PhotoThe problem of children strangling on window cords is one that just won't go away. Despite warnings, recalls, and revised industry standards, children continued to become entangled in window covering cords, with often tragic results.

In a recent 29-day period, four children died from window cord strangulation: 

  • a 4-year-old boy, in Chicago Ridge, Illinois, on November 12, 2016;
  • a 4-year-old girl in Salt Lake City, Utah, on November 29, 2016;
  • a 4-year-old girl in League City, Texas, on December 7, 2016; and
  • a 3-year-old boy in Cleburne, Texas, on December 10, 2016.

The deaths are the most recent in a long list of 293 deaths and serious injuries caused by window cords between 1996 and 2012.

“These window covering strangulations are so complicated but the most important factor is that it happens to the best of parents. Parents who trusted that either tying up cords, cutting cord short or using breakaway devices would prevent their children from death,” said Linda Kaiser, Founder and President of Parents for Window Blind Safety.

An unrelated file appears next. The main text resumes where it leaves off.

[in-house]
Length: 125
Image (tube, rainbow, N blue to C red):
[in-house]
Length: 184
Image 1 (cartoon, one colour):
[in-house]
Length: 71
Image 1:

“It is paramount that consumers use window coverings with no pull cords in their homes,” Kaiser said. She and her husband Matt formed Parents for Window Blind Safety in 2002, after their daughter, Cheyenne Rose, died as a result of being strangled by a window blind cord.

Top five hazard

The Consumer Product Safety Commission has long recognized window covering cords as a hidden strangulation and asphyxiation hazard to children and continues to identify it on its website as one of the “top five hidden hazards in the home.” The most vulnerable children are infants through eight years of age.

The rate of injuries and deaths has not been significantly reduced since 1983, despite six industry attempts at revising their voluntary standards, the CPSC said. The seventh revision of the voluntary standard is currently underway.

“These terrible tragedies can happen quickly and silently,” said William Wallace, policy analyst for Consumers Union, the policy and mobilization arm of Consumer Reports. “We urge manufacturers and retailers to sell only those products that do not pose a risk of strangulation to children.”


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